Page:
At least this is what Scott tells Magnus (Andrei Arlovski), a fellow Unisol who’s been programmed by the government much as Scott once was. Now, as Magnus rampages through a Unisol facility—complete with shadows and hookers and soldiers hard at it—Scott stops him and, rather than blowing his head off, offers a “gift.” Magnus’ zap-zappy vision screen turns staticky as Scott looms before it and promises, “You will be free. You will serve him from this moment on. You’re no longer a slave to the government, from this moment on, your mind is your own.”


Except that it’s not. You won’t have to think too long about Scott’s speech here to spot its contradictions, its delirious allusions to Orwellian doublespeak. Scott is much the same as he ever was, here again spewing what he’s been programmed to spew, where he has the capacity to believe it or not. Magnus—who doesn’t have much to say at any point in this film—blinks a couple of times and falls in, following along after Scott over to another (or maybe the same) facility, where he meets Luc.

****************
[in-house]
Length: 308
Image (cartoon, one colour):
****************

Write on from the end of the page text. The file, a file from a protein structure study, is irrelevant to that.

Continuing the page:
Sort of. Luc at this point isn’t someone you meet so much as you observe. He appears variously in Day of Reckoning, more or less embodying that titular concept, looming, odious, bald in an expressly Kurtzian way. He looms and menaces, he’s Van Damme post- JCVD, wrecked and respected, gloomy and absurd. At one point, Luc even appears with his head made up so it is split into black and white halves, top and bottom. If the 1992 Luc was full of hope and yearning, determined to recover his past and proclaim his own identity apart from his engineering, the Luc two decades later is all too aware of what’s in store for him, that no identity will save him, that he’s a cog in a system that shape-shifts to ensure his usefulness. Luc now isn’t disappointed or desperate or even bitter. Luc now is tremendous, an idea that even he can’t grasp.